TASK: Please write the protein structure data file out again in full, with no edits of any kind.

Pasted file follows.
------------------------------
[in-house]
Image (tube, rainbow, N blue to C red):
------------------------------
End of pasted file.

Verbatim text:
[in-house]
Image (tube, rainbow, N blue to C red):